Colombia’s Santos Seeks Revised Peace Deal with FARC

The president is piecing together a revised peace accord after his original plan was voted down in a referendum.

There was little hope left in October of bringing Colombia’s 52 year-old conflict with the Revolutionary Armed Forces of Colombia (FARC) to an end, when voters narrowly rejected a proposed peace plan in a referendum. Fears swelled that violence would break out again.

President Juan Manuel Santos, however, was undeterred and set about piecing together a revised peace deal.

Six weeks on, gloom and uncertainty have made way for cautious optimism.


A commitment by both sides to uphold a ceasefire, initially seen as little more than a sticking plaster, required follow-up steps and a Plan B.

Responsibility was also placed on the shoulders of the “no” side. Buoyed by the award of a Nobel Peace Prize and support from the international community, Santos gave opponents of the peace plan an October 20 deadline to submit their own ideas, including from his most formidable detractor, former president Álvaro Uribe.

Santos and Uribe haven’t been on speaking terms since the former, then a defense minister, resigned from Uribe’s government to run against him in 2009.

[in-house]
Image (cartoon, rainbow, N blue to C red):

Santos also relaunched long-stalled peace talks with Colombia’s second largest guerrilla group, the National Liberation Army (ELN).

With less than 40 percent of the electorate having participated in the referendum, Santos’ goal was to find a basis that would take into account a more disparate array of views and voices.

500 counterproposals were submitted, which were divided into 57 thematic sections and scrutinized by the government and the FARC.

Lingering doubts

The outcome — a tweaked, but not a reshaped peace accord — calls for the FARC to hand over its assets, which will go to compensating victims of the war.

Many who voted “no” in October felt the original text set a precedent for impunity.

Fears remain that the FARC’s reentry into the political sphere will result in the emergence of popular mass movement of the kind that brought Fidel Castro and Hugo Chávez to power in Cuba and Venezuela, respectively.

Such fears seem overblown when the last the time FARC participated in elections, it received only 5 percent support in the presidential contest and won 23 seats in Congress, a dozen or so mayoralties and a couple hundred local council seats.

Uribe remains skeptical, arguing that “cosmetic changes will not suffice” if a just peace is to be reached with what he calls “terrorists and narco-traffickers.”

It remains to be seen what mechanism Santos will use to legitimize a still fragile new peace deal. Having been rebuked by voters last time, Congress may provide a more amenable pathway.

The president must tread carefully. He needs to bring about a broad consensus in favor of the terms of a lasting peace, one that will be a victory for him as well as ordinary Colombians.